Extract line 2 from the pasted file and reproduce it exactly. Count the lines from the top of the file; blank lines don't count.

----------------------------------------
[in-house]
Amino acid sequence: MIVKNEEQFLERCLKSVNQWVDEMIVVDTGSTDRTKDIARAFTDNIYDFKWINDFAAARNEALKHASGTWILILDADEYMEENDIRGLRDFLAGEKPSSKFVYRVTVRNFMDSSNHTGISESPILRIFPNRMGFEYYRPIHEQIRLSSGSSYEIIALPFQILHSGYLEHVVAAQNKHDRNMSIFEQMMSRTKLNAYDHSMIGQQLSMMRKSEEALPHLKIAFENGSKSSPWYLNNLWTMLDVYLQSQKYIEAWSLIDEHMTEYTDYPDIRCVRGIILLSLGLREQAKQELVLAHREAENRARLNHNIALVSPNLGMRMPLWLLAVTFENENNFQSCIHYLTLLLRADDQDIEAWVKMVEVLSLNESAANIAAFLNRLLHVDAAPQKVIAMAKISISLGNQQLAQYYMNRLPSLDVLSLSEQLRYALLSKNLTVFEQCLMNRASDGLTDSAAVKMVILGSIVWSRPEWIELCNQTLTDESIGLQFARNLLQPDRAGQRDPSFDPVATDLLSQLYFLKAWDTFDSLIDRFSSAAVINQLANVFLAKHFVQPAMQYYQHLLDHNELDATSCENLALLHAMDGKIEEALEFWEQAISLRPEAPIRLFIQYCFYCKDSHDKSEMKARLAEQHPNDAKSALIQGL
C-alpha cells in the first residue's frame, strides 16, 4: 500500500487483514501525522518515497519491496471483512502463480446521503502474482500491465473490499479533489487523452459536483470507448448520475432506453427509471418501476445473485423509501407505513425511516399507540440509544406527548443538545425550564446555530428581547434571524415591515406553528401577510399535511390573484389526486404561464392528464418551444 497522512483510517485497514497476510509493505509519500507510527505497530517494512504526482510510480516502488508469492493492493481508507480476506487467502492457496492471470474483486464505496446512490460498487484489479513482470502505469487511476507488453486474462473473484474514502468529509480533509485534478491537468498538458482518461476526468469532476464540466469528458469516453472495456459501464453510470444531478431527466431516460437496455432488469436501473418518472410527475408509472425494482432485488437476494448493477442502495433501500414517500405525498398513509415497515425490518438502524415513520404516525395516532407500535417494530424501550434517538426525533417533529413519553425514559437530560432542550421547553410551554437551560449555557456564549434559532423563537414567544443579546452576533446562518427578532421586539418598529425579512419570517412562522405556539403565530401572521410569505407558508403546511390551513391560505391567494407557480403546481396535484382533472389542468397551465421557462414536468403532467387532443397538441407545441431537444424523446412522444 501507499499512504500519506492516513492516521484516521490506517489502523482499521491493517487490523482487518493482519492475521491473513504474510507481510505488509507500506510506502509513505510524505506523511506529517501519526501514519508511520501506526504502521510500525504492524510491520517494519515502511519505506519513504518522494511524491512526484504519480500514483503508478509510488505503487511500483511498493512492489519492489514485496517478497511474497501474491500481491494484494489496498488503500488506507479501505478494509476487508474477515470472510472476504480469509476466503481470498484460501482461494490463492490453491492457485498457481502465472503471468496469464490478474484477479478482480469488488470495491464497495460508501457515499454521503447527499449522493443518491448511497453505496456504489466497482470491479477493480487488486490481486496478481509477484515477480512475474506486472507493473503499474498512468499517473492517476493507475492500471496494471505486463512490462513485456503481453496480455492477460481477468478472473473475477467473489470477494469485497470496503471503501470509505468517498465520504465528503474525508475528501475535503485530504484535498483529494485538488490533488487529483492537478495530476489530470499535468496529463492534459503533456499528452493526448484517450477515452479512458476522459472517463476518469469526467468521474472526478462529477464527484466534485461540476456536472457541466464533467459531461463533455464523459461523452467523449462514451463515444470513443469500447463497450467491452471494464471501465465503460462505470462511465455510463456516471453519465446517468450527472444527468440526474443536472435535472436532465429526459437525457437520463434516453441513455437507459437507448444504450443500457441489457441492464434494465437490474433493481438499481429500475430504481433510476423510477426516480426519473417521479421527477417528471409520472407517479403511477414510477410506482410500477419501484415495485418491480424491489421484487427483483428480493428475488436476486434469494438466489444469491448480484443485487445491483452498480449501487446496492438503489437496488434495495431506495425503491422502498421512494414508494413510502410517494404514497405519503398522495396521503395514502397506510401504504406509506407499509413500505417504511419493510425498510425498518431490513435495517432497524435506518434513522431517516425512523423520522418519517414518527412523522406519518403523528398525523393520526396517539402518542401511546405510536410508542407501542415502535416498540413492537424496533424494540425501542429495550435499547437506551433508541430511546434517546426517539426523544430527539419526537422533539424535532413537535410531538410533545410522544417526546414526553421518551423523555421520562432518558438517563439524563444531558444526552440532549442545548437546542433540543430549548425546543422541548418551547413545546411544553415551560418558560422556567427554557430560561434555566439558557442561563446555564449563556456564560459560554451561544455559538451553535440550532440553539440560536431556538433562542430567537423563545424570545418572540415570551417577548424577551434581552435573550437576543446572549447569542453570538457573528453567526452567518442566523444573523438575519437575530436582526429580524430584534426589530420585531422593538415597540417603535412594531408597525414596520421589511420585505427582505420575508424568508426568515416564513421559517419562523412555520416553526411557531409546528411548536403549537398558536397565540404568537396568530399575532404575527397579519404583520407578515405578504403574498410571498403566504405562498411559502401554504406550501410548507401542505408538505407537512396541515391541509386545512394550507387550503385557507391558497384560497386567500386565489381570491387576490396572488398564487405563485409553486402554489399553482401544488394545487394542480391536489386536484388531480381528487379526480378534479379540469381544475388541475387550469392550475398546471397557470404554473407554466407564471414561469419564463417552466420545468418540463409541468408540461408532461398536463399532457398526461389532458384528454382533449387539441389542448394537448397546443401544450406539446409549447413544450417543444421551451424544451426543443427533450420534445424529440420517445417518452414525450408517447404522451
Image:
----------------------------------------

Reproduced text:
Amino acid sequence: MIVKNEEQFLERCLKSVNQWVDEMIVVDTGSTDRTKDIARAFTDNIYDFKWINDFAAARNEALKHASGTWILILDADEYMEENDIRGLRDFLAGEKPSSKFVYRVTVRNFMDSSNHTGISESPILRIFPNRMGFEYYRPIHEQIRLSSGSSYEIIALPFQILHSGYLEHVVAAQNKHDRNMSIFEQMMSRTKLNAYDHSMIGQQLSMMRKSEEALPHLKIAFENGSKSSPWYLNNLWTMLDVYLQSQKYIEAWSLIDEHMTEYTDYPDIRCVRGIILLSLGLREQAKQELVLAHREAENRARLNHNIALVSPNLGMRMPLWLLAVTFENENNFQSCIHYLTLLLRADDQDIEAWVKMVEVLSLNESAANIAAFLNRLLHVDAAPQKVIAMAKISISLGNQQLAQYYMNRLPSLDVLSLSEQLRYALLSKNLTVFEQCLMNRASDGLTDSAAVKMVILGSIVWSRPEWIELCNQTLTDESIGLQFARNLLQPDRAGQRDPSFDPVATDLLSQLYFLKAWDTFDSLIDRFSSAAVINQLANVFLAKHFVQPAMQYYQHLLDHNELDATSCENLALLHAMDGKIEEALEFWEQAISLRPEAPIRLFIQYCFYCKDSHDKSEMKARLAEQHPNDAKSALIQGL